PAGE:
VivaAerobus: Mexico’s cost leader
VivaAerobus has seen a radical transformation since being founded in 2006. Initially created by a joint venture between Irelandia and Iamsa (a leading Mexican bus company), the carrier initially struggled with an ageing fleet and poor Net Promoter Score (NPS).
However, in 2014 the airline saw a significant change in strategy, explains Fernando Estrada, the carrier’s VP of Strategy and Network Planning. “Under new ownership, we set about building up our reputation; placing a large order for new A320neo family aircraft, which has helped boost our NPS and increase efficiency on our core point-to-point markets compared with our previous older-generation aircraft.”
Such a shift in strategy has paid dividends. Seat capacity has surged, increasing almost three-fold over the five year period since 2014, with a CAGR of 18%. The ULCC has now almost matched Interjet in annual traffic.
A huge key to success in the domestic market is offering a viable alternative to buses, explains Estrada. This is a primary form of transport between major cities in Mexico, with 78% of the population living in urban areas. As such, airfares must compete with this to grow market share.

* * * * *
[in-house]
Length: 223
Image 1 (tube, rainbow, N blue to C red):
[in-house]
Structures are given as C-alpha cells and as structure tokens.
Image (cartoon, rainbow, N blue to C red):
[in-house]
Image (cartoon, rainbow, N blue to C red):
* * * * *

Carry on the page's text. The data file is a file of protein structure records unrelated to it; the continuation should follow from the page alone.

“Lowest cost in Mexico”
This has come in parallel with ensuring a strong focus on cost. VivaAerobus has a single-type fleet of modern A320/A320neos, with an average age of just 3.8 years, and is set to become the first 240-seat A321neo operator in the Americas this year.
“We have the lowest cost base in Mexico”, explains Estrada, although figures haven’t been stage-length-adjusted. “Going forward, our key strategic aims are to deploy our new A321neos on thick domestic markets to boost capacity and revenue, so making the most of the remarkably low cost-per-seat of the type to also preserve yields whilst doing so.”
Eventually, the carrier hopes to follow the up-gauging trend of carriers, including Europe’s Wizz Air, with A321neos accounting for over 50% of total capacity long-term. Ultimately, continuing to be a point-to-point modal alternative to ground transportation will remain the ULCC’s primary focus, with the exception of a limited connecting facility in Monterrey having launched in 2018.
Distinct waves at Monterrey; more connections?
The distinct departure/arrival waves allows the carrier to join airport-pairs where a non-stop routing would not be viable. This move to the middle is seen across the industry with carriers including easyJet adding such facilities that traditionally would be the preserve of FSCs.